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17 Jul 2018 | Filed under: cyber security

Are your staff the biggest cyber threat ?

Technology continues to drive the pace of change and anyone in business is constantly exhorted to “get more connected” – AI, robotics, Industry 4.0 to name a few examples.

To state the obvious – if we increase our reliance on data systems without a corresponding (or greater) investment in protecting that infrastructure we become desperately vulnerable to anyone with even basic IT skills.  Moreover, the advent of GDPR has added a legal implication to an already onerous financial one.

Verizon – one of the world’s largest communication companies – have recently published their 2018 Data Breach investigations Report.  It makes scary reading:

  • 73% of attacks were by outsiders – usually organised criminals.  Which means that the rest somehow involved staff.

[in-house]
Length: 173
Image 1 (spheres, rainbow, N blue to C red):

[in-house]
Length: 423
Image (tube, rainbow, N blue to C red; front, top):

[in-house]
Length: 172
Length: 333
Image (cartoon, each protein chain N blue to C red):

• Only 3% of breaches were discovered immediately.  68% of breaches weren’t discovered for months.
  • Web apps were the biggest culprit.
  • 4% of staff will click on a phishing campaign.  Verizon’s report states ‘incredibly, the more phishing emails someone has clicked, the more likely they are to do so again.’
  • 31% of cyber attacks in professional service companies involved staff but in healthcare this figure rose to a massive 56%.  To be fair, staff are often unwitting participants rather than collaborators.
  • Most attacks are speculative but in the manufacturing sector 86% are targeted, mainly to steal IP or R&D data.

Imagine a building with heavily protected doors and windows but once inside anyone can roam unhindered and unchallenged.  Many IT networks are similar, with robust external firewalls etc but few internal controls.  Verizon’s report suggests that – sooner or later – some imprudent or unlucky staff member will allow a malicious outsider access to your network.  Let’s hope not, but if this happens what measures does your network have to limit how far they can roam ?

Following some serious cyber attacks in 2009 many large corporations have adopted a “Beyond Corp” approach, assuming all attempts to join a network are hostile.  Some of the security checks are very subtle – detecting which hand you hold your phone in, for example.  Read more about it here.

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